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Daily and business press, 2019-04-05, 02:00 PM

A thyssenkrupp anniversary in Duisburg: the casting-rolling mill turns 20

The thyssenkrupp Steel casting-rolling line was the first of its kind worldwide to be built in an integrated steel mill and designed so that the liquid crude steel can be cast in parallel in two strands. Two previously separate processes in steel production were combined in a continuous process: casting the liquid crude steel into ingots, which are the starting material for sheets and strips (so-called slabs) and rolling.

A milestone in steel production proves to be an investment in the future

In early April 1999, thyssenkrupp commissioned the first casting-rolling mill (CRM) in an integrated steel plant at their Duisburg location. The event was a milestone in flat steel production. In the CRM, liquid crude steel is poured and milled directly in a continuous process. Today, the mill is operated by 230 workers, working in five shifts. They produce so many tons of “hot strip” that this steel could theoretically be used to produce about 12,000 medium-sized cars per day. The approximately 300 million euros that went into the project have proven to be a forward-thinking and worthy investment. The new mills are used to produce top quality steel for the automotive and household appliance industries, among others.

First casting-rolling mill in a steel plant

At 450 meters long, the casting-rolling mill (CRM) is a central feature of the Duisburg site. From liquid crude steel, it produces what is known as “hot strip” – coiled sheet steel that is rolled in a heated state. This hot strip goes through several further processing and refining stages and is then used to produce parts for such things as cars, furniture and electric motors. “Our CRM was constructed as the very first of its kind in an integrated steel plant”, proudly explains Dr. Carmen Ostwald, who has been managing the casting-rolling mill since 2016. “The CRM allows us to significantly speed up manufacturing processes, reducing energy consumption and CO2 by nearly two thirds, since the slabs poured from the crude steel do not need to be cooled and heated back up again for the rolling operation. This method also produces higher quality steel”.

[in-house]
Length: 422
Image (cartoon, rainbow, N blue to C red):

The steel blocks are rolled into thin steel plates at a constant rolling temperature of 1,150 degrees. The special characteristics of the casting-rolling mill allow it to produce thicknesses as small as 0.8 millimetres, which equates to about 8 sheets of paper.

Two steps in one continuous process

When the CRM was put into operation in 1999 after a two-year construction period, the technology was still new. This one, continuous steel production process now replaced what had always been two separate operations: casting the liquid crude steel into blocks as semi-finished material for steel plates and strip (slabs) and rolling. The development of casting-rolling mills is considered a technological leap forward in flat steel production. “When they made this investment, our predecessors were gambling on a brand-new technology – and they made the right decision”, says Dr. Heribert Fischer, Technical Director at thyssenkrupp Steel. “When we combined two process steps in one plant 20 years ago, we were investing in the steel quality of today. Now, we can offer our customers top quality for their products”. During the continuous process, the slabs are maintained at a constant rolling temperature of 1,150 degrees. Thanks to this even temperature distribution, the strength and elongation properties of the steel are much more constant than those of steel produced by conventional methods. At the same time, the steel plates can be rolled very thin – down to 0.8 millimetres or about the thickness of 8 sheets of paper. Today, the plant is still being used to produce new steel qualities, greatly contributing to the success of thyssenkrupp Steel’s customers in the automotive, electrical and construction industries and securing many jobs.

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